Lewison: New Overtime Rules Will Be Challenging For Farmers, Farm Workers

Starting this weekend, overtime rules for the farming community in Washington change. As of January 1st, overtime kicks in once an employee works more than 55 hours in a week. It’s the first step in legislation that will require overtime pay for work over 40 hours starting in 2024. Pam Lewison with the Washington Policy Center said farmers will start to change not only their wage models, but their work crews as well.

“Typically, you see work crews work 65 hours during peak season, and you’re going to be losing about ten hours a week of work, and that’s quite a lot really.  I suspect what we’ll see is those work crew hours may actually be trimmed back some to allow for farms to potentially hire a third crew, if they can figure out the economics of that.”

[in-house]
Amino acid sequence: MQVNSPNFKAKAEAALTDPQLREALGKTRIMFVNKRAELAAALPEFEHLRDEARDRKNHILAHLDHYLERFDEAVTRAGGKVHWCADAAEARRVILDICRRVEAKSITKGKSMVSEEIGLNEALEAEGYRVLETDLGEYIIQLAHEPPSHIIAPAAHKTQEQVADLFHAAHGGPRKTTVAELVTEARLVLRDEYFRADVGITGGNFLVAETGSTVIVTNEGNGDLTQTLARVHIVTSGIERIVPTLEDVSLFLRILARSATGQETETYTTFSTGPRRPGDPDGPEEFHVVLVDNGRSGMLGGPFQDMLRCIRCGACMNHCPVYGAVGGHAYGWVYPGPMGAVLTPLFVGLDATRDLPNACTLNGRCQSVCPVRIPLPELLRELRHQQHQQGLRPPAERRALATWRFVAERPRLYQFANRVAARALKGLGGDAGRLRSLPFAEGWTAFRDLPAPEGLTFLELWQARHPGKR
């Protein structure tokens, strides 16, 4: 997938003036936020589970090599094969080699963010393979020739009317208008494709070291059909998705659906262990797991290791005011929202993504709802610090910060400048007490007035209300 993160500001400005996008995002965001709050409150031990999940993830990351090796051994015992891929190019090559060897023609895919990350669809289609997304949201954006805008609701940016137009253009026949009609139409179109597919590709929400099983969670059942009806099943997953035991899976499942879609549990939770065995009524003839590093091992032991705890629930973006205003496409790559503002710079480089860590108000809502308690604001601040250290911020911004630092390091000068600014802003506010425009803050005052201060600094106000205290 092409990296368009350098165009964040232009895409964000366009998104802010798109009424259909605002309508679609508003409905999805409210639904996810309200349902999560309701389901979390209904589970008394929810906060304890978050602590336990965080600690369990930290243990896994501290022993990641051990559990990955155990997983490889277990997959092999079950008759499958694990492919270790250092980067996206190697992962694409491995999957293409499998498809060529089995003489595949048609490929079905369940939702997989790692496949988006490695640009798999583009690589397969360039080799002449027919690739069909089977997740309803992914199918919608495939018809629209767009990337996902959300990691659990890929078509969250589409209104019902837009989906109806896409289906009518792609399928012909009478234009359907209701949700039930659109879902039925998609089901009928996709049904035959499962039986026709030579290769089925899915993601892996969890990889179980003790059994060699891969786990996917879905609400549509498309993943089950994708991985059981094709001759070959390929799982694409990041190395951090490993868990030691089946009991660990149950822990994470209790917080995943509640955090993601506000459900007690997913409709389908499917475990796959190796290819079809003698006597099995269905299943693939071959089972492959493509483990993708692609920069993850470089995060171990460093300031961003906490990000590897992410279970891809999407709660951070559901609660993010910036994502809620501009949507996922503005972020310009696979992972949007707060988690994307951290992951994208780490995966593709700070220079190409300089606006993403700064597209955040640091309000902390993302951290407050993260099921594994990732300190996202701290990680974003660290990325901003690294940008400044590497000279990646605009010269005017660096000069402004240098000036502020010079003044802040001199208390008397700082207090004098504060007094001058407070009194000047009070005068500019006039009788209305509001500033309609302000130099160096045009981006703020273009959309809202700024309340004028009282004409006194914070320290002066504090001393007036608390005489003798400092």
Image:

That Lewison said will result in smaller paychecks for farm workers across Washington. She added labor unions, which pushed extremely hard for this overtime legislation during the 2021 session, represent roughly 1% of all farm workers across the state.

“If you look at just doing the basic math, the people that are going to be hurt the most by this overtime legislation are farm workers.  Because their hours are going to be the ones that are cut, and their wages are the ones that are going to potentially be cut.  And what it does is it demonizes their employers.”

Lewison added this new rule will vilify employers, despite the fact they are doing what they need to observe new law and run a business.

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